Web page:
What are the differences between the courses?

Getting started with R (Sophie Karrenberg, IEG)
This course enables students to start using the code-based statistical software R independently. This course is particularly suitable for PhD students without prior experience in programming and also for students who wish to transition to R from another statistical program. Basic education in general statistics is desirable but not required. The main focus of the course is understanding how to work with R and RStudio efficiently. The course will cover: data loading and manipulation, R command structure, common basic statistics (for example ANOVA and regression), some graphs, and a brief introduction to programming structures. A large part of the course will be spent on practice sessions with help available.

Modern statistics in natural science (Göran Arnqvist, IEG)
This course gives a wide overview of the statistical "tool- box" used to analyze experimental data in natural sciences and aims at providing an understanding of the philosophy and reasoning behind hypothesis testing and statistical inferences. We cover experimental design and discuss and implement a wide variety of statistical modelling strategies and techniques, with some emphasis on linear modelling such as analyses of variance and deviance. The course is primarily aimed at students in biology and life sciences, but the course content is relevant also for students from a wide range of other domains in natural sciences.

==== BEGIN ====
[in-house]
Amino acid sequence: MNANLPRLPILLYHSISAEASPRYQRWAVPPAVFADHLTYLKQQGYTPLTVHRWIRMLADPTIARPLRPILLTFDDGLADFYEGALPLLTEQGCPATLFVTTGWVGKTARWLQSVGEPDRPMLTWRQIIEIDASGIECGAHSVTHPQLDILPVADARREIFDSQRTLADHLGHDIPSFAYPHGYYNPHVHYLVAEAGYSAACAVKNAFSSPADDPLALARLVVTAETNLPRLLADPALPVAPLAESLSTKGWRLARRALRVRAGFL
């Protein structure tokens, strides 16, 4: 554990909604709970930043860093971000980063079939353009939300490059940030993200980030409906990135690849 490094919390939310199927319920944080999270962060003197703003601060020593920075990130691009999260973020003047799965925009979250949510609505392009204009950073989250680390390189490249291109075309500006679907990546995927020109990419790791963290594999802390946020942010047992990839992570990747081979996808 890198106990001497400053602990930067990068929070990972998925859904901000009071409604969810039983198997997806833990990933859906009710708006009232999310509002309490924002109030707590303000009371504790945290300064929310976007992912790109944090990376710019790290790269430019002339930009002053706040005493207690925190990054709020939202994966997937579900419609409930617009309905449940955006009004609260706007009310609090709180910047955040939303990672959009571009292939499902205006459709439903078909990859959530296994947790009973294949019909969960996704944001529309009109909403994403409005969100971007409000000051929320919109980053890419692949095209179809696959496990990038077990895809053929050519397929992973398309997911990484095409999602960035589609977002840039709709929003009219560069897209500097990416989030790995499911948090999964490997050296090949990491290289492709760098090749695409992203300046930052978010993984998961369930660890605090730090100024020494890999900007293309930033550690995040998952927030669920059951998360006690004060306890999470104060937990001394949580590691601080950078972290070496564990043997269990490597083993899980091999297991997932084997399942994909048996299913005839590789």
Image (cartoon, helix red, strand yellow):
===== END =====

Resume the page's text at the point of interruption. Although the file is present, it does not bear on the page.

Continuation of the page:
Statistical methods in physics and engineering (Karin Schönning, Physics)
The course target PhD students in the physical sciences, e.g. physics, astronomy, engineering and earth sciences where mathematical modelling of problems and phenomena is central. The parameters of these mathematical models are central for describing concepts and making predictions, hence the course has a strong focus on estimating these parameters. Many problems in modern physical sciences are non-linear and therefore require numerical solutions. Non-linear problems constitute an important part of this course, and we offer a toolkit to approach such problems.

Last modified: 2022-10-19